The last two pieces were somewhat better. One was slow and atmospheric, as piano arpeggios rippled gently, Lionel Beuvens's mallets thundered quietly as his cymbals created an impressionistic haze and Arnaert elongated, melisma-free syllables transformed her into a part of the overall texture. Hertmans gave a carefully-distilled solo that gathered pace - but not too much - as a back-beat slowly built up. "Rememberance," the last piece was drawn from Jambangle's repertoire. At times, it sagged into a mire of '80s jazzy-funky background music, but made up for that with interestingly imbricated rhythm parts that provided vamp-based platforms for loose instrumental dialogue. And Lionel's exaggerated body language added a much-needed dose of humour.
On the album excerpts available on his MySpace page, Arnaert sounds better, so maybe the sound system is to blame, and the music is a lot looser and more engaging, so maybe the personnel changes (Nicolas Kummert instead of Joachim Badenhorst and Quartier instead of Pascal Schumacher - note that three of the four are be.jazz favourites) had significant impact.
Friday, June 08, 2007
AAJ has published Marc Ribot's in-depth analysis of how avant-garde music is being squeezed out of existence by the dwindling playing opportunities and ever-smaller venues.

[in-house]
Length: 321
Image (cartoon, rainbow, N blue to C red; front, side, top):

Musical fringes are often seen as the refuge of idealists, but Ribot puts a very concrete spin on things:
Over the past 25-30 years, there's been an assumption that the condition of a downtown jazz/new music venue's needing to be subsidized by benefits was an abnormal condition, a special situation necessitated by a particular emergency, after which the venue would return to its normal functioning... But a sea change has taken place in the relation of these clubs to the market with few really acknowledging it... The market is failing as a means of funding downtown new music venues... Musician benefit concerts and recordings... are being normalized as a means of funding.
New music composers of the '40s through the early '60s didn't expect to make money through the live performance market; many taught to earn a living. (...) In truth, our belief that the market could fund new music was always... illusory; European touring, heavily state subsidized, has been the real economic motor of experimental jazz/new music for decades, the light at the end of the tunnel of months of scarce and/or poorly paid NYC gigs. The fact that access to Europe was easier and cheaper for NYC musicians than for their LA counterparts is an important factor in the historical productivity of the NYC new music scene as compared with the West Coast.
European public subsidies have funded cutting- edge US music since the time of Louis Armstrong... Unfortunately, they're neither natural nor guaranteed. They were created by people through struggle and they are in the process of being challenged and to some extent dismantled by European neo-liberals.
While the independently wealthy, the extremely committed and those with no choice would remain in a scene without hope of money, the reality is that musicians tend to drift towards those scenes which pay.
Although ostensibly linked to a leftist/anarchist anti-corporate politics, “Do It Yourself” has also served quite well to foreclose discussion on state subsidy and fits quite comfortably with... free market/neo- liberalism